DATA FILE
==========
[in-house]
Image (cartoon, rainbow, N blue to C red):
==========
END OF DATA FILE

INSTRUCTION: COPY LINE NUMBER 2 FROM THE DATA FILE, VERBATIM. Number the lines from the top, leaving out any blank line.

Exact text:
Image (cartoon, rainbow, N blue to C red):